International Study of Comparative Health Effectiveness with Medical and Invasive Approaches–Chronic Kidney Disease (ISCHEMIA-CKD): Rationale and design

Sripal Bangalore, David J. Maron, Jerome L. Fleg, Sean M. O'Brien, Charles A. Herzog, Gregg W. Stone, Daniel B. Mark, John A. Spertus, Karen P. Alexander, Mandeep S. Sidhu, Glenn M. Chertow, William E. Boden, Judith S. Hochman, The ISCHEMIA-CKD Research Group, Joseph B Selvanayagam, Jonathan M Gleadle

Research output: Contribution to journalArticlepeer-review

17 Citations (Scopus)

Abstract

Background: Patients with chronic kidney disease (CKD) and stable ischemic heart disease are at markedly increased risk of cardiovascular events. Prior trials comparing a strategy of optimal medical therapy (OMT) with or without revascularization have largely excluded patients with advanced CKD. Whether a routine invasive approach when compared with a conservative strategy is beneficial in such patients is unknown. Methods: ISCHEMIA-CKD is a National Heart, Lung, and Blood Institute–funded randomized trial designed to determine the comparative effectiveness of an initial invasive strategy (cardiac catheterization and optimal revascularization [percutaneous coronary intervention or coronary artery bypass graft surgery, if suitable] plus OMT) versus a conservative strategy (OMT alone, with cardiac catheterization and revascularization [percutaneous coronary intervention or coronary artery bypass graft surgery, if suitable] reserved for failure of OMT) on long-term clinical outcomes in 777 patients with advanced CKD (defined as those with estimated glomerular filtration rate <30 mL/min/1.73m2 or on dialysis) and moderate or severe ischemia on stress testing. Participants were randomized in a 1:1 fashion to the invasive or a conservative strategy. The primary end point is a composite of death or nonfatal myocardial infarction. Major secondary endpoints are a composite of death, nonfatal myocardial infarction, hospitalization for unstable angina, hospitalization for heart failure, or resuscitated cardiac arrest; angina control; and disease-specific quality of life. Safety outcomes such as initiation of maintenance dialysis and a composite of initiation of maintenance dialysis or death will be reported. The trial is projected to have 80% power to detect a 22% to 24% reduction in the primary composite end point with the invasive strategy when compared with the conservative strategy. Conclusions: ISCHEMIA-CKD will determine whether an initial invasive management strategy improves clinical outcomes when added to OMT in patients with advanced CKD and stable ischemic heart disease.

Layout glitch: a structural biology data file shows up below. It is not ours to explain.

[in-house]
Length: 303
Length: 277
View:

Original languageEnglish
Pages (from-to)42-52
Number of pages11
JournalAmerican Heart Journal
Volume205
DOIs
Publication statusPublished - Nov 2018

Keywords

  • stable ischemic heart disease
  • cardiovascular events
  • optimal medical therapy (OMT)

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